The aforementioned instructions/steps worked for me running CentOS. It may very well work for you on Red Hat-like distributions or otherwise. Please note that if you decide to use these instructions to update PHP/MySQL (or other packages) on your machine, you are doing so entirely at your very own discretion and that neither this site, sgowtham.com, nor its author is responsible for any/all damage – intellectual or otherwise.
It has been a while and many things (Apache and Virtual Hosts) have been working smoothly for few years now but I could never quite figure out how to set up the secure portion. Had tried it several times with very little success and a bit more (extensive) search later, I think I have it working properly now. For the sake of completeness, let me just go through with Apache as well as Virtual Hosts.
Apache, PHP, MySQL
It is my practice that I do a full/maximal installation of any linux distribution and that takes care of installing Apache (with all the required modules), PHP, MySQL, etc. I bet there are tons of documents online that you can refer and install them if you don’t already have them.
Let us suppose that ISP does not block port 80 (and 443) and let us further suppose that ISP assigns a static IP address – something like 22.214.171.124. For whatever reason, let us also suppose that we need to serve websites from this address, namely http://mydomain.com/ and http://yourdomain.com/. Since I am using CentOS distribution, the ServerRoot is set to /etc/httpd and the configuration file is located in /etc/httpd/conf/httpd.conf. To accommodate hosting multiple domains, my configuration was made to look as follows (towards the very end):
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NameVirtualHost *:80 <VirtualHost *:80> DocumentRoot /var/www/html ServerName 126.96.36.199 ServerSignature On DirectoryIndex index.html index.php index.cgi index.pl AccessFileName .htaccess </VirtualHost> <VirtualHost *:80> DocumentRoot /var/www/mydomain ServerName mydomain.com ServerSignature On ServerAdmin email@example.com DirectoryIndex index.html index.php index.cgi index.pl AccessFileName .htaccess </VirtualHost> <VirtualHost *:80> DocumentRoot /var/www/yourdomain ServerName yourdomain.com ServerSignature On ServerAdmin firstname.lastname@example.org DirectoryIndex index.html index.php index.cgi index.pl AccessFileName .htaccess </VirtualHost>
It is to be noted, needless to say, that the folders /var/www/html, /var/www/mydomain and /var/www/yourdomain must exist and must contain appropriate content. Also, A Record in the corresponding registrars must point to 188.8.131.52 as the destination. Upon restarting apache (/etc/init.d/httpd restart), these domains should be serving out contents just fine.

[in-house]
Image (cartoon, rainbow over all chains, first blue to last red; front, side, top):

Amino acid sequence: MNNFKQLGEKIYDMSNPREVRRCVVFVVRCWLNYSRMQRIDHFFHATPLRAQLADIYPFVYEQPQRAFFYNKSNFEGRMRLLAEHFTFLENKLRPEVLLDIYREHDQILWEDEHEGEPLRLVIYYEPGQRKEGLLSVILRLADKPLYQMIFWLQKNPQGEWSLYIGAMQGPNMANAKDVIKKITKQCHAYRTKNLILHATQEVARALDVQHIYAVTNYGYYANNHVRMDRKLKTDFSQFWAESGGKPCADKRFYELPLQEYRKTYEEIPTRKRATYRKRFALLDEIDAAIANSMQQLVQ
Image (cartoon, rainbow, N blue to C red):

HTTPS & Self-Signed Certificates
Now that the non-secure (HTTP) portions are working fine, let us suppose that one of the domains, http://yourdomain.com/ has some contents that need to be served securely (HTTPS) as https://yourdomain.com/secure-content/. It is to be noted that only one of the three (or however many you may have) domain contents can be served in a secure way. First step is to edit /etc/httpd/conf.d/ssl.conf and make (parts of it) look like:
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DocumentRoot "/var/www/yourdomain" ServerName yourdomain.com:443 ServerSignature On ServerAdmin email@example.com DirectoryIndex index.html index.php index.cgi index.pl AccessFileName .htaccess
Next step is get Security Certificates but getting them commercially, although more trusted, can be expensive. Especially if the purpose is for testing and such, generating self-signed certificates using built in tools is the most economical way. Again, there are plethora of documents online that provide this information but is included here for completeness purposes:
- First step in this process is to generate the private keys for the server:
openssl genrsa -des3 -out server.key 1024
- Next step is to create a Certificate Signing Request (CSR) to get signed by the CA. Enter appropriate information when prompted.
openssl req -new -key server.key -out server.csr
- Next, CSR needs to be signed with the key generated in Step #1.
openssl x509 -req -days 365 -in server.csr -signkey server.key -out server.crt
- Optionally, one can remove the password from key generated in Step #1.
cp server.key server.key.withpass openssl rsa -in server.key.withpass -out server.key
- Penultimate step is to place these files appropriately:
cp server.key /etc/httpd/conf/ssl.key/ cp server.crt /etc/httpd/conf/ssl.crt/ cp server.csr /etc/httpd/conf/ssl.csr/
- Restart Apache
That’s it. If nothing went wrong in the process, https://yourdomain.com/ should now be serving secure content. The browser should display some warning and the security certificate can be accepted temporarily or permanently before the secure contents can be seen.
A Working Example
I followed these steps to make my website secure – not that there are too many things that need to be served in a secure way. You can check it out if you wish.